This post goes over the math required to solve for the profit maximizing price and quantity of a price discriminating monopoly operating in two markets. Consider the following problem:

A cable company sells subscriptions in San Francisco and Boston. The demand function for each of the two groups, which are separate and do not have the ability to re-sell to members of the other community, are Psf = 480 - 4Qsf and Pb = 400 -2 Qb. The cost of providing the cable service for the firm is TC = 500 + 4Q, where Q = Qsf + Qb. If the company can price discriminate between the two markets, what are the profit maximizing prices and quantities for the San Francisco and Boston markets?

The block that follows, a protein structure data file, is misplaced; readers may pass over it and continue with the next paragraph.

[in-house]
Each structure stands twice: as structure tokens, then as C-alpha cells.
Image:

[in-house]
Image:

To solve this problem, we need to review the steps for finding the profit maximizing price and quantity for a monopoly. We find that we need to find the price and quantity where marginal revenue (MR) is equal to marginal cost (MC).

A cable company sells subscriptions in San Francisco and Boston. The demand function for each of the two groups, which are separate and do not have the ability to re-sell to members of the other community, are Psf = 480 - 4Qsf and Pb = 400 -2 Qb. The cost of providing the cable service for the firm is TC = 500 + 4Q, where Q = Qsf + Qb. If the company can price discriminate between the two markets, what are the profit maximizing prices and quantities for the San Francisco and Boston markets?

To solve this problem, we need to review the steps for finding the profit maximizing price and quantity for a monopoly. We find that we need to find the price and quantity where marginal revenue (MR) is equal to marginal cost (MC).